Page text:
« ElőzőTovább »
Lord Cornwallis. It took the place
of the old Guy Fawkes procession. Crooked stick, a perverse, froward
person. Cunnle, a colonel. Cus, a curse; also, a pitiful fellow.
as a general superlative.
ornament peculiar to soldiers. Convention, a place where people are
imposed on ; a juggler's show. Coons, a cant term, for a now defunct
party; derived, perhaps, from the fact of their being commonly up a
tree. Cornwallis, a sort of muster in mas
querade; supposed to have had its origin soon after the Revolution, and to commemorate the surrender of
Darsn't, used indiscriminately, either
in singular or plural number, for dare not, dares not, and dared not. Deacon off, to give the cue to; derived
from a custom, once universal, but now extinct, in our New England Congregational churches. An important part of the office of deacon was to read aloud the hymns given out by the minister, one line at a time, the congregation singing each
line as soon as read. Demmercrat, leadin', one in favor of
extending slavery; a free-trade lecturer maintained in the custom
house. Desput, desperate. Doos, does. Doughface, a contented lick-spittle ; a
common variety of Northern politi
cian. Dror, draw. Du, do. Dunno, dno, do not or does not know. Dut, dirt.
E. Eend, end. Ef, if: Emptins, yeast. Env'y, envoy. Everlasting, an intensive, without refer
ence to duration Ev'y, every Ez, as.
Insines, ensigns; used to designate
both the office who carries the stand
ard, and the standard itself. Inter, intu, into.
Fence, on the ; said of one who halts
between two opinions; a trimmer. Fer, for: Ferfle, ferful, fearful; also an inten
sive Fin', find. Fish-skin, used in New England to
clarify coffee. Fix, a difficulty, a non plus. Foller, folly, to follow. Forrerd, forward. Frum, from. Fur, far. Furder, farther. Furrer, furrow. Metaphorically, to
draw a straight furrow is to live uprightly or decorously. Fust, first.
J. Jedge, judge. Jest, just. Jine, join. Jint, joint. Junk, a fragment of any solid stab
K. Keer, care. Kep', kept. Killock, a small anchor. Kin', kin' o', kinder, kind, kind g.
P. Peaked, pointed. Peek, to peep. Pickerel, the pike, a fish. Pint, point. Pocket full of rocks, plenty of money. Pooty, pretty. Pop'ler, conceited, popular. Pus, purse. Put out, troubled, ve xed.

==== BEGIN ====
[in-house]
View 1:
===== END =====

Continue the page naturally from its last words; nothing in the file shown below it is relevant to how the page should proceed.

amusement common among men in
the savage state. Som'ers, somewhere, So'st, so as that. Sot, set, obstinate, resolute. Spiles, spoils; objects of political am
bition. Spry, active. Staddles, stout stakes driven into the
salt marshes, on which the hay-ricks are set, and thus raised out of the
reach of high tides. Streaked, uncomfortable, discomfited. Suckle, circle. Sutthin', something. Suttin, certain.
Q. Quarter, a quarter-dollar. Queen's-arm, a musket.
R. Resh, rush. Revelee, the réveille. Rile, to trouble. Riled, angry; disturbed, as the sedi
ment in any liquid. Riz, risen. Row, a long row to hoe, a difficult
task. Rugged, robust.
Sarse, abuse, impertinence.
snake any one out is to track him to his hiding-place; to snake a thing out is to snatch it out.
Take on, to sorrow.
a negative in this sense. Tollable, tolerable. Toot, used derisively for playing on
any wind instrument. Thru, through. Thundering, a euphemism common in
New England, for the profane English expression devilish. Perhaps derived from the belief, common formerly, that thunder was caused by the Prince of the Air, for some of whose accomplishments consult Cotton Mather. Tu, to, too; commonly has this sound
when used emphatically, or at the end of a sentence. At other times it has the sound of t in tough, as, Ware ye goin' tu? Goin' ta Boston.
Ugly, ill-tempered, intractable.
boaster of liberty and owner of slaves.
A. wants his axe ground, 282.
his fall, 301 — how if he had bitten a
sweet apple ? 304.
posed by some, 215,
be, in some sort, humane, 220.
nical act of, 221.
alistic) sentiment of, 193.
tion, 196- hitherto wrongly classed,
199.-long bill of, ib.
189 - conjectured to be skilled in all
best reported, ib.
Antony of Padua, Saint, happy in his
Shakespeare as an orator, 194.
is an, 200.
of Rev. Mr. Wilbur, 254.
especially that of gentlemen, 185.
note -- prayer of, 254.
- a gabble-mill, ib.